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Women’s Soccer and the Equal Pay Debate

Women’s Soccer and the Equal Pay Debate

Reno Gazette Journal July 21, 2019

As the United States women’s soccer team won the World Cup and was getting ready to receive the medals, chants of equal pay were heard from many in attendance. Similar chants were also heard at the New York City Hall during the celebration honoring the team. Senator Joe Manchin introduced a bill that would enforce equal pay for women’s teams. Is there an issue with pay inequity in sports in general, and is there inequity in pay for women’s soccer in particular?

Soccer’s international governing body awarded $30 million in prize money for the women’s World Cup this year. In contrast, the men were awarded $400 million for their World Cup last year. Just based on the headline number, one may conclude that there is significant disparity, but the details behind the numbers paint a completely different picture.

Why are male soccer players paid significantly higher than female soccer players? It starts with viewership. More viewers mean higher priced advertising, higher revenues and profits. Over 3.572 billion people watched the 2018 men’s World Cup. The final match alone was watched by 1.12 billion people. In contrast, for the recently concluded women’s World Cup, the total viewership was 22.2 million, just before the final. The final had a total viewership of 14.27 million, down by 44% from the previous final. Suffice it to say, men’s soccer audience well over 100 times as big as the women’s audience.

The ratio is further exaggerated in advertising revenues. While numbers for the current cycle are not complete, for the 2014 men’s World Cup, ESPN took in $529 million in advertising revenues while Fox took in $17 million for the 2015 women’s World Cup. The men’s advertising revenues were 31 times as much as the women’s revenues.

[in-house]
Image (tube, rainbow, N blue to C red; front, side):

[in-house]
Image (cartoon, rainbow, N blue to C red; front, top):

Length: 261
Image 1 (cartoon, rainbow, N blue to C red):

Let’s take a look at the prize money as a percentage of the revenue. In 2011, the women’s World Cup brought in $73 million and received prize money of $10 million, or 13%. In contrast, the 2010 men’s World Cup brought in $4 billion and received prize money of $348 million, or 9%. In 2018, men brought in $6 billion and received $400 million in prize money, or 6.7%. In contrast, women’s revenues for the entire 2019-2022 four-year cycle is projected at $131 million and the prize money was $30 million, a full 23%, which is over 3 times that of the men.

As you can see, by virtually every business measure, women are getting compensated better than men. Yet, you hear this constant drumbeat of gender disparity. This drumbeat has everything to do with jockeying for position and trying to gain a bigger advantage than it has to do with equality. If the women feel that they are getting the short end of the stick, why not form their own federation? I will give it two years before such a federation goes bankrupt.

One final point: As President Obama famously said in 2012, “this is a math problem”. Liberal politicians and the liberal media elite see racists in every street corner, a homophobe in every shadow, a misogynist in every man, and a Nazi in every person who disagrees with them. This country would be better served if politicians and the media act responsibly by looking at the data instead of assigning everything they don’t like to some type of systemic bias. Arguments claiming inequality, gender wage gap and other forms of biases collapse under the weight of data, if only they take the time to look.

Author’s note: The online version has several links to the data.

About The Author

Sam Kumar

Conservative columnist